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This Is the Perfect Holiday Photo for My Sensory Sensitive Child

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The holiday season is upon us, and in my family — like many others — this is a busy time full of fun and traditions. In our home, the holidays mean baking an assortment of cookies as Christmas music plays in the background. It means bundling up pajama-clad kiddos into the car and looking at Christmas lights. It means visiting Santa at the mall in our Christmas best.

I love our holiday traditions. Partially because they somehow keep me connected to a magic that could only be found in my childhood, and mainly because it is a way for us to form new happy memories as a family.

But, having a child who is sensory sensitive can sometimes make the holidays a bit of a challenge.

Some of the holiday obstacles our family faces can be easily remedied. We keep the music low as we bake cookies. We Christmas shop early in the morning to avoid large and sometimes overwhelming crowds. We limit our time at holiday gatherings so as to not overload our youngest. We spend a lot of time prior to an event discussing with our girls and preparing them for what will happen.

Yet, despite all of our preparations, there are times when things do not run according to plan. This reality has been hard for me to accept. I like reliability. I live for predictability. I’m learning how to accept the uncontrollable in life.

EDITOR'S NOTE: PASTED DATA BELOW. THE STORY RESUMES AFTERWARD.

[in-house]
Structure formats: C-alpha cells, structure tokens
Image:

A prime example of this happened recently, when we went to visit Santa. As is necessary, I processed through the whole event with both of my girls. We talked about what would happen. We shared what we would say to Santa. We planned our outfits, we drove to the mall and we stood patiently in line.

While we waited, I looked at the picture options that showed children in matching outfits, each hair in place, smiles on their faces while happily perched on Santa’s lap. I did my best to decide which picture package I was going to purchase. Was $22.99 a little too pricey for two 4 x 6 images? Should I get the digital option add-on? In my head, I painted a picture perfect photo of my two girls and Santa. A beautiful keepsake. Another year, another memory and another awesome tradition.

As Santa walked to his seat, I watched as joy filled my daughters’ faces. Happy anticipation filled their little bodies as they waved to him. Excitement echoed in their voices as they called out his name.

When it was our turn to sit with Santa, nothing went as I had previously planned and envisioned. Nothing.

Will you be seeing a picture of my child who is sensory sensitive on Santa’s lap? No. Will you see her smiling with Santa? Laughing? Perfectly posed? Nope. No way. Not a chance.

And today, I realized that’s OK.

I may not have a perfect holiday picture of both of my girls with Santa, but I have this one — a picture of them happy, sheer joy dancing across their faces as they experience just a little bit of childhood magic — and this is more than enough.


The Mighty is asking the following: What’s one thing people might not know about your experience with disability, disease or illness during the holiday season, and what would you say to teach them? If you’d like to participate, please send a blog post to Please include a photo for the piece, a photo of yourself and 1-2 sentence bio. Check out our Share Your Story page for more about our submission guidelines.

Originally published: December 6, 2015
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